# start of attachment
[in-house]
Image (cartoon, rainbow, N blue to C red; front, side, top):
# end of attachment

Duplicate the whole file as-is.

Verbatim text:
[in-house]
Image (cartoon, rainbow, N blue to C red; front, side, top):